Archives For Hosting

I’d recently seen a few people mention Digital Ocean, and their $5/month SSD-based VPS offering. I read about it, and was interested to know if Magento would run on their plans, and how well. But at the time I couldn’t be bothered actually doing any testing.

However, thanks to the wonders of Google’s re-marketing every site I visited on the internet for the next couple of weeks reminded me about them and so I finally decided to throw up a quick test site and run some benchmarks.

In this post I’ll run through a quick setup guide using Digital Ocean to run Magento, and then the results of a few simple benchmark tests using my Magento Speed Test service.

Digital Ocean
Continue Reading…

I haven’t reviewed a Magento host on my blog for a long, long, time. That’s not because I haven’t had a bunch of companies ask me to, but because none of them offered anything really compelling or different to my go-to-magento-hosting-recommendation, Nexcess.

Well, that was until a few weeks ago when MageMojo set me up with a demo account and invited me to take a test drive of their new Magento optimized hosting environment. A few features the Mojo team mentioned piqued my interest, so here I am, putting their Magento hosting platform to the test and reporting my findings.

Oh, and the free hosting, MageMojo have offered to give away 12 months of free Magento hosting as part of this review, that’s over $700 worth of magento hosting, quite a generous offer. Seeing as there’s a few hundred eager Magento users and developers that come by here, I thought it’d be a great prize to offer all of you. You have to read to the end to find out how to win it, hah!
Continue Reading…

I received an email from a fellow Magento developer asking about hosting Magento in New Zealand – this post is about that email and my response because I think it will be useful to others asking the same questions. All of the Magento stores I’ve built to date have been overseas (read: not in New Zealand) – my experience so far has only been with building low latency sites for American customers and UK/Europe customers. The reason for this is that at World Wide Access we recognize the importance of an in-country webstore presence to customer experience (bandwidth and latency).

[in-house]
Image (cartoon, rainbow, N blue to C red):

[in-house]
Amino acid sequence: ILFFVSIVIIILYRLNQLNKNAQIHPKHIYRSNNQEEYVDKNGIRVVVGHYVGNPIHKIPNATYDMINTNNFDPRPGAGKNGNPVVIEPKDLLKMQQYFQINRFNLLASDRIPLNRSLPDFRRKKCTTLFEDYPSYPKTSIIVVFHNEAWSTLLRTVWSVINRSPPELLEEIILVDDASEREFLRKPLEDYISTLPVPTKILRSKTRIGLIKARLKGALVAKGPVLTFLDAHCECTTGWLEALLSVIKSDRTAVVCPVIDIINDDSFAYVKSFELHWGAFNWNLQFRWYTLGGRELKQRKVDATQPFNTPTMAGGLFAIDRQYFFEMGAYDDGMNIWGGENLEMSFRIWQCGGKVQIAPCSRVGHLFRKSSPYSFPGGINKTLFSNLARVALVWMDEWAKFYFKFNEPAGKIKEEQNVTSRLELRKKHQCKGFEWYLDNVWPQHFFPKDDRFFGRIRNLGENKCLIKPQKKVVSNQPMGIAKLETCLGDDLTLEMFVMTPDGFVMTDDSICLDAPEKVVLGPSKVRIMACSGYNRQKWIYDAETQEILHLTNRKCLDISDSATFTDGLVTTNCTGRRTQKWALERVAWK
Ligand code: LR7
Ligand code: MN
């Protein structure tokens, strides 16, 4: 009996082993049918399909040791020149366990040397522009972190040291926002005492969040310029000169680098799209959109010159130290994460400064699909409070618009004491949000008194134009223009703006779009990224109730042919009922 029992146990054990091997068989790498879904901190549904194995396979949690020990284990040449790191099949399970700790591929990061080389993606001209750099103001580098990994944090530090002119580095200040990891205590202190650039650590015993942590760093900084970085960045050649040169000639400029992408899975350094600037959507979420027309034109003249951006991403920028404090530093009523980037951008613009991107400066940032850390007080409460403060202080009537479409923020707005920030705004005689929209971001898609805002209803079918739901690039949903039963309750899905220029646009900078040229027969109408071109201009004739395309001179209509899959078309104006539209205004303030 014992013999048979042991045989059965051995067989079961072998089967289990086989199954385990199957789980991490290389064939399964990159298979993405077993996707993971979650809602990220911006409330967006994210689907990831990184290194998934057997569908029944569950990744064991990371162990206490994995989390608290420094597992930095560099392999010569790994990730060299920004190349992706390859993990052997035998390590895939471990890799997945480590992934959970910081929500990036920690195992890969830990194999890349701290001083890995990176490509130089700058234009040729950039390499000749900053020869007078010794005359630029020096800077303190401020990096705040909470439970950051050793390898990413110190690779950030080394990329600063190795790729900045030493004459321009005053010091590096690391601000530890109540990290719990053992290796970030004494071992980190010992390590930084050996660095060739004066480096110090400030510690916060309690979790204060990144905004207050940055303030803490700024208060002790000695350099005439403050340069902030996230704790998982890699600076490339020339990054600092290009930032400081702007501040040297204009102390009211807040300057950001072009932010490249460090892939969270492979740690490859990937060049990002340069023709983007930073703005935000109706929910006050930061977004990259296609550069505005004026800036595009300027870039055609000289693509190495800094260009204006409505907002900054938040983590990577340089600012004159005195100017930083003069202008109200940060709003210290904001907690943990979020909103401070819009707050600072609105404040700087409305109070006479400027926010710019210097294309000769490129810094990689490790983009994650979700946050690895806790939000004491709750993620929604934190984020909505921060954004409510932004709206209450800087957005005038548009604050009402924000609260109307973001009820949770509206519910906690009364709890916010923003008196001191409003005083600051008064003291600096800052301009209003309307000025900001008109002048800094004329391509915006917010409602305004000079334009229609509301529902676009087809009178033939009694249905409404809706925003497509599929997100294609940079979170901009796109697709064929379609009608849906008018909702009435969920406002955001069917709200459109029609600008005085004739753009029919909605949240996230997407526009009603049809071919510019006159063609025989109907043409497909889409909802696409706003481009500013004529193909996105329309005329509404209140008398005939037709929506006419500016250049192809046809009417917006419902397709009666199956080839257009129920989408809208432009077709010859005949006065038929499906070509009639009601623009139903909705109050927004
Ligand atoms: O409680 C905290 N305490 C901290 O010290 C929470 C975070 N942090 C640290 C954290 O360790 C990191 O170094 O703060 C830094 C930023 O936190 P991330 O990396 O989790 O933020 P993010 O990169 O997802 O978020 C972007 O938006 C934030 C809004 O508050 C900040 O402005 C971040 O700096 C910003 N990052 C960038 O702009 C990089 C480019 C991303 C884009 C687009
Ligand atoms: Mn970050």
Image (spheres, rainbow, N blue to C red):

It was a little ironic then, that an American developer, Justin from Unify Digital contacted me for advice about building a Magento store for New Zealand customers – for the same reasons that we build our stores offshore. Here’s what Justin had to say:
Continue Reading…

A while ago a slipped a bonus point question/jibe into one of my reviews for Magento hosting. Justin has cleverly called me on it, so as promised, you should check out Fat Cows eco friendly web hosting.

Oddly enough their hosting does actually look interesting, the idea of wind powered green hosting, isn’t one I’d heard of before.

What happens on non-windy days though? (I’m guessing they don’t rely soley on wind!) But they could make that clearer on the site.

Anyway, cool idea, if you want hosting for a Magento webstore with a green/eco point of difference then it’s probably a good option. You can then brag about it on your site, give you customers a warm fuzzy feeling! Go Get It!

Right, so after over a month of putting this off I’m finally going to start writing some Magento Hosting reviews. The first is for Simple Helix. You might remember way back in April when I said I would be reviewing a few Magento hosts, and also running a free Magento hosting competition.

The competition is now over and I will be announcing the winners shortly, thanks to everyone who entered! I’ll compile the list of hosting annoyances you sent in and post it here shortly too. Just to re-iterate my thanks to the two hosting companies that put up prizes, A2 Hosting and Nexcess Hosting.